Did You Know That… There are excellent books on Silverlight 1.0 Programming

I must admit that I was at first skeptical about books on Silverlight 1.0 Programming for a number of reasons:

  • Silverlight 1.0 is not all that "deep" – there isn't that much to cover
  • The online documentation and supplemental information available here on Silverlight.net is extensive
  • Cognitive Dissonance: My editor and I had decided to hold off on publishing Programming Silverlight until Silverlight 2.0, strongly convinced that would be the time when there would be a need to tell a story that transcended the documentation.

          Did we get it wrong? Perhaps, considering the quality of some of these books, and how well they bring together the learning experience. 

Since I work with these folks, and more important, since my own book will no doubt compete with their next edition, I won't critique these in any detail; I urge you to read the reviews on line and to take a long look at each to make sure you find the ones that best meet your own specific needs; but I will say that each of these is worth a look:

Silverlight 1.0 Unleashed
by Adam Nathan

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Adam's book is notable for its methodical coverage, and its incredibly useful sidebars which include "Digging Deeper" and "Tip" and "Warning" sprinkled liberally throughout. Full color.  See Adam's presentation at Fire Starter

Silverlight 1.0
by Devin Rader, Jason Beres, J. Ambrose Little, Grant Hinkson

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This full color book is the only book I've found that has a quality chapter on using Expression Blend for coding Silverlight applications.

Introducing Microsoft Silverlight(TM) 1.0 (PRO-Developer)
by Laurence Moroney

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This is an extremely readable book by a very knowledgeable member of the team who  gave a great talk on Silverlight XAML at Fire Starter.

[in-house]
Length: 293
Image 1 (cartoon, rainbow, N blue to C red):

Other Books You Might Want To Consider

Here are a few other books that I think belong on the shelf of every Silverlight Programmer. If you're interested in my total list of recommendations, please see my complete recommendations page (you may want to click on Technical & Programming to skip over the other books I review) but here are a few essentials…

Programming WPF
by Chris Sells, Ian Griffiths

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This is required reading for getting ready for Silverlight 2.0, not to mention one of the best written technical books I've read.  Please see my complete review here.

If you are truly serious about .NET programming, you really want this next book handy:

Framework Design Guidelines: Conventions, Idioms, and Patterns for Reusable .NET Libraries (Microsoft .NET Development Series)
by Krzysztof Cwalina, Brad Abrams

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Last, but certainly not least, every programmer coding in Silverlight, AJAX or any other technology that might in any way present a User Interface ought to be required to read David Platt's masterpiece:

Why Software Sucks…and What You Can Do About It
by David S. Platt

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Do not write another application without reading this book.

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About Jesse Liberty

Jesse Liberty has three decades of experience writing and delivering software projects and is the author of 2 dozen books and a couple dozen Pluralsight & LinkedIn Learning courses. He was a Senior Technical Evangelist for Microsoft, a Distinguished Software Engineer for AT&T, a VP for Information Services for Citibank and a Software Architect for PBS. He is a Xamarin Certified Mobile Developer and a Xamarin MVP and a Microsoft MVP.
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